“Nippon also has somewhat of a monopolistic control over the optical fibre infrastructure in Japan and in fact appeared cheaper than its competitor KDDI, which we already held.”
Courtiers also acquired Tosoh Corporation, a Japanese-based global chemical and speciality materials company with more than 100 subsidiaries globally. Sam said the company, which is held in the Multi-Asset Funds, is well positioned to benefit from rising fuel and materials prices. “It has protected its margins well throughout these turbulent times,” he added.
In the Healthcare sector Courtiers already held Astellas Pharma, “a well-run pharmaceutical company with strong metrics, which places an emphasis on R&D and new drugs.” In January Courtiers increased its exposure to this sector acquiring HU Group Holdings, “a company with attractive near-term prospects driven by increased Covid testing alongside excellent value metrics.” Like Astellas Pharma it is held in the Multi-Asset Funds. Japan Airlines was acquired in August 2017 for both the Multi-Asset Funds and the Global (ex-UK) Equity Income Fund.
I asked Sam whether the fact these positions are predominantly in larger companies has any significance.
“Historically it’s been Japan’s smaller companies that struggle throughout governance reforms and that have been left behind when it comes to structural transformations,” he said. Courtiers prefers to take positions in companies that are well run, with diligent boards, and that have a good understanding of their business, which tends to be the larger companies.
Sam said the Investment Team’s overall thinking is that given the cyclical nature of the Japanese market, “handpicking a selection of companies at the right time could help push the funds on if there is an influx of foreign investment at some point this year.”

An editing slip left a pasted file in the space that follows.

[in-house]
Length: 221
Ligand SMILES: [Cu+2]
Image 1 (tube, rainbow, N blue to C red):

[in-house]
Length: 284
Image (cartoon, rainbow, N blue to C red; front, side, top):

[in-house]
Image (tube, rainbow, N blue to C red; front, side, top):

As to pinpointing future opportunities in Japan, Sam said the Investment Team will continue its tried and tested process of identifying particular markets and individual stocks, a process which resulted in the recent acquisitions of Nippon and Tosoh Corporation. This includes a monthly fund management meeting, which surveys the major global economies and examines the metrics of individual markets in more detail, as well as more in-depth research into individual stocks that meet Courtiers value metrics, such as their PE ratio. “We will be keeping a close eye on any further opportunities, whilst continuing to monitor our new positions in the Japanese market.”
Sam said this process has proved invaluable, not just in identifying specific Japanese stocks that were subsequently acquired, but also in identifying those companies to avoid and those that are no longer a good fit. One example is Canon, which Courtiers had held for several years. Sam explained how a decision to sell in 2020 had recently been confirmed after the Investment Team revisited the stock in January. “The decisions were driven fundamentally by poor management and repeatedly outlandish targets, which showed a lack of understanding of the company’s now very diverse business, declining primary revenue streams, and a lacklustre desire to reform its extremely male-dominated board.”
Looking at the prospects for the Japanese economy, Sam said he is optimistic. Rising wages may make consumers more accepting of price hikes from rising inflation. Meanwhile, growth forecasts have been raised for the coming fiscal year, and the slowdown in exports is seen as only temporary.
Sam said he is reassured by the Bank of Japan’s stated commitment to continue its planned bond purchases to stimulate purchasing within the economy – a process known as QE, or Quantitative Easing.
Despite disappointing investors over many years and several false dawns, there are tentative signs that a combination of reform and an improving Japanese economy could mean better times and better returns ahead. If that is the case, by increasing exposure to the market early on and buying when prices are cheap, Courtiers Funds could be well-placed to reap the benefits.